I doubt there will be much to report back on but maybe I'll do a 5 year or 10 year follow up or an update if there's anything to update on. Until then, I've been really enjoying the comments on the previous two posts and love hearing all of your stories. Please continue to leave comments! I may not always respond right away, especially over the next couple of years as grad school takes up most of my time, but I will respond. This has been a fantastic experience and I'm so glad to be in the company of the many, many women out there who decided they don't want (any more) kids and are sick of dealing with temporary and inadequate birth control. Much love to you all.

Photos in order of when they were taken:
Day of surgery

6 weeks after surgery

1 year after surgery


  1. I just had mine done on the 4th!Trying to find all the info I can as I was originally going to have my tubes burned;due to the surgery center being in mid-move they had already moved the burny thing to the new center (which is not where I was) and in a desperate attempt to not have clips I asked the dr to just remove the damn things. To my great surprise he thought a moment and was like..... Yeah actually we can do that. Super happy to have such a permanent fix but I wish I could have done more prep work beforehand..... No idea what will happen with my insurance with such a last minute change of plans.

  2. Congratulations on your surgery, Jess! Obviously I believe that salpingectomy is the best route - no chance that it will fail because they're gone! It's unfortunate that you didn't have time to do much research, but hopefully you're well on your way to recovery and will have an easy follow-up appointment. Also good luck with insurance - it's too late now but you might be able to talk to your doctor or billing department about what you can expect. Hopefully you have better insurance than I do.

  3. I'm so very happy to see that you're doing well :) It's so hard to find anything positive about tubal ligation (or salpingectomy) when looking for personal experiences online. Most I'm coming across are either people that have PTLS or deep regret. It's great to see that a year later, you're happy, you're healthy and you're doing just great! Congratulations! Wishing you continued good health!

    All is good with me. I had the tubal fulguration (burning the tubes) 2 and 1/2 weeks ago and saw my surgeon yesterday. My scars have healed nicely, I'm definitely feeling NO REGRET, now I get to just enjoy life with my husband and 2 kiddies with no worries about ever getting pregnant!! Sexy time was awesome!!, my husband and I are happy :)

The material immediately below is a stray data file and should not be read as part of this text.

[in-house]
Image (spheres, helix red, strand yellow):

Thanks again for your posts!

    1. All of the regret stories I've seen were from people who were already mothers and then decided to have more children (a lot of the time because they had new partners). When I had my surgery I hadn't read any stories of women who never wanted kids regretting their sterilization. Not to say it doesn't happen, but it seems less likely. Personally, if I suddenly do change my mind and just have to have a baby of my own, I hope someone will talk to me seriously about it. I've been pretty sure I don't want kids for 10 years and very sure for 6 years, and kids are such a big responsibility that a decision like that should not be taken lightly. I don't see that changing, though. :) Hopefully more mothers can chime in with their successful and happy sterilizations so the regret stories are not so overpowering!

      Congratulations again on your tubal AND your lack of regret! You sound like you have a lovely family. And the uninhibited sexy time really is the best. Enjoy!

  4. I know you've heard it a bunch of times already, but I just wanted to say thank you for creating a helpful insight on this procedure. Because of your indepth account of the whole process, I have my procedure scheduled for Monday, November 28th. I am scared since I've never had surgery of any kind but your blog has put a lot of my mind at ease with a number of questions. I took yaz for a year and it almost killed me in 2008 due to blood clots and a bilateral Pulmonary Embolism. I've had two copper IUDs fall out of place and now one is embedded. I started to research a tubal but came across your blog.I am so glad that I did. Thank you thank you thank you again!

    1. Hi Ashley, thanks so much for taking the time to leave a note. I am so happy my experience has been helpful. Good luck on Monday! This was my first surgery, too, but it really was easy. I hope you have someone to dote on you for a few days while you recover, and after that you can look forward to not worrying about birth control ever again. :)

      Feel free to check in here after your surgery! I'd love to hear how it goes.

  5. Thanks for such a detailed account. I'm thinking of getting the surgery as well. Could you tell me the name of the doctor you used? I live in the SD area as well so could possible go to the same doctor.

    1. Hey fellow San Diegan! I found my doctor on this site:

      Mine was Dr. Khan, though it was the other doctor in his practice that I connected with (resident? fellow?). Either way, that office is willing to discuss this procedure, which was a welcome relief after previous consultations. :)

      Good luck!

  6. I'm having my bilateral salpingectomy tomorrow!

    Thank you for sharing your story with others. You've been more informative than my doctor. I didn't know i had to abstain from sex for six weeks after surgery.

    1. Hi Crystalann, hope you had a great surgery and are already recovered! TBH I'm not sure why 6 weeks of no sex or tampons... maybe a month but I felt OK much sooner than 6 weeks. Either way, glad my story was helpful!